• WISP in a box (Bandwidth and user management tool which makes it simple for somebody to set up a wireless business)
  • The third workshop, held on the 14th of June, was a follow up on the second workshop which tried to define the milestones needed to improve the functionality of each of these product offerings over a 3 year period (See link below for more detail).

The plan is to have a first draft of this road map by the end of July

More information can be found here: Wireless Africa Roadmap . We strongly urge other researchers in the field to comment on this roadmap


10 December 2006 - Prototype 1 of fully self-contained solar powered SA mesh node

SA Mesh Node

The first prototype of a multi antenna self-contained mesh node was unveiled in December 2006. This nodes operates on a 45W solar panel to power the embedded computer and three 802.11 radios. The backhaul mesh is built in the 5GHz band using 2 radios which can be switched through a matrix of 4 antennas. This allows a full duplex connection on the backhaul. The Switachable antenna matrix consists of 4 5GHz panel antennas placed at 90 degrees to each other within a weather proof cylinder. An intelligent switching algorithm is used to switch through the four antennas and locate the other mesh nodes in the network. Switching happens as soon as traffic needs to be routed between mesh nodes. A 2.4GHz band radio connected to an omni is used to connect clients to the mesh node.

More Information on the SA mesh node


1 October 2006 - Tin can connects rural home to outside world

Cantenna-peebles-small.jpg

The Meraka Institute's first Cantenna installed in a rural setting was successfully mounted onto the house of Agnes Mdluli, a health worker from Peebles valley, near White River in Mpumalanga. This can-antenna is made from a metal can, such as a coffee tin, and a section of bicycle spoke soldered into a special connector which can connect to another point with a similar antenna up to 5km away. The project in Peebles Valley is one of 10 sub-projects in the First Mile First Inch (FMFI) project being funded by the International Development Research Centre (IDRC).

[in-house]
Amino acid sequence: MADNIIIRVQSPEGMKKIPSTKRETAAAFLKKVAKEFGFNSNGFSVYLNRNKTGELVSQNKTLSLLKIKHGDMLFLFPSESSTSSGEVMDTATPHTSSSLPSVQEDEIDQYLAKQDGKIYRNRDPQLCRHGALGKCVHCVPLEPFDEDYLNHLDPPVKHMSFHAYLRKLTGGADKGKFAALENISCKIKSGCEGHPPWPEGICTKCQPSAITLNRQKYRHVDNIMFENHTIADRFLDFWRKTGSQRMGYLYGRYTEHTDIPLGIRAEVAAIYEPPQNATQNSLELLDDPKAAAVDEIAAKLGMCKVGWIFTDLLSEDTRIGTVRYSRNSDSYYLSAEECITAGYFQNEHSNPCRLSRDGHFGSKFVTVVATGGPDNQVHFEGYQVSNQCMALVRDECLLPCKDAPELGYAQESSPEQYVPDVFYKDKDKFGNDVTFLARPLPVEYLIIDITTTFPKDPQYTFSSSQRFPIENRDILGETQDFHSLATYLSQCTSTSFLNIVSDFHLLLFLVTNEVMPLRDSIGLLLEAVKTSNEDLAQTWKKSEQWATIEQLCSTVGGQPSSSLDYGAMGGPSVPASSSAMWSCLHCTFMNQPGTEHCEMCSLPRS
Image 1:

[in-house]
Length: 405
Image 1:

These small, self-constructed antennas, which are made from locally available material, are connected to a low-cost WiFi card plugged into a computer. A small wireless router is placed in a weatherproof casing on a pole to which several community members could connect and form a community mesh network. This mesh networking technology allows the wireless installations to automatically configure themselves to find the optimal routes through the network and very little configuration is needed to set them up.

More information can be found here: Mpumulanga Mesh and FMFI Mpumalanga Mesh




NEW: Quick getting started guide for setting up an outdoor mesh node


Please use the discussion tag above to comment and provide suggestions! Please Email wa-admin(at)meraka.org.za if you wish to contribute or for further information.


Meraka Institute